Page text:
In past few years, we have seen so many projects executed that were detrimental to our country’s environment and aesthetics.
In 2005, the Kalkara valley was destroyed. Beautiful Delimara was destroyed by the power station, with Marsaxlokk needing a facelift after the pollution it suffered thanks to the same station. Portomaso building in St. Julian’s was not enough. The Mercury Tower was built, adding to the destruction of the once-beautiful St. Julian’s. The once beautiful Paola Square, adorned with trees, has turned into a mini-gray desert, lacking shade and trees. And the list is endless. There is no balance between nature and building in Malta. Some people argued that no protests were done for these before and that a fuss was made for the Mosta trees. Well, activists did protest to safeguard the Paola trees, for example. And here it is opportune to remind the nation of what Paola Square once looked like, how they promised us it would be turned into, and what they have in reality turned it into now:
The thing is that I think now the way Malta is being completely destroyed with the urbanization projects has got up to the Maltese nation’s nose. We are exhausted. We are stressed out. We are unhappy with the way our country has been taken away from us and what it has been turned to. We want open spaces. We want trees. We want nature. We want to hear the chirping of the birds. We want to be able to take long walks in the countryside without cars passing by. We want quiet beaches. We want outdoor places where we can exercise without getting hurt. We do not want more restaurants, more outdoor dining tables, more kiosks, or more hotels. We do not want more apartments. And yet, how can we get back rural, peaceful, and quiet Malta?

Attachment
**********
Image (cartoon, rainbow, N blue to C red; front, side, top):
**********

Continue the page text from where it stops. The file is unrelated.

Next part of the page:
A few weeks passed after we learned of the luxury dwellings that were approved in Wied Babu, that we weren’t bestowed with yet another environmental crime and raping of our land: this time the controversial project of 22 apartments and 20 garages that was approved by the Planning Authority near the 5,600-year-old Temples of the Ġgantija, which are a UNESCO World Heritage Site. We have also read that this has ended up on the Times of England newspaper, titled ‘Horror at luxury flats overshadowing
world’s oldest building’, which speaks of how these flats will be built at a distance of less than 200 meters from these magnificent temples. The article mentions how in Gozo there is an “unbridled development boom that is suffocating rural development”. Surely. Because anything that is rural in Malta has been suffocated and destroyed, now it is Gozo’s turn.
We have lately read that the Maltese National Committee of ICOMOS, which is an international organization that works in favor of the preservation of monuments and historical sites around the world, has said that it is concerned about the approval for the construction of such apartments because there is the possibility “that the decision was taken based on incorrect information”. This sounds like a good excuse to protect the developers and those who gave the Signor Si for the permit! Money does a lot of miracles and fixes any misinformation whatsoever.
After uniting to safeguard the Mosta trees, which we hope will get back to life now that it was decided that they are to remain there:
the Maltese and the Gozitans must unite and protest to safeguard the magnificent Temples of Ġgantija.
I repeat: all of this will end when Monsieurs Greed, Power, and Corruption will fear walking down the streets.